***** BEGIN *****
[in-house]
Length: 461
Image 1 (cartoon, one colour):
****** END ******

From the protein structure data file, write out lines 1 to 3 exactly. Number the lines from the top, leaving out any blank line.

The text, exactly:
[in-house]
Length: 461
Image 1 (cartoon, one colour):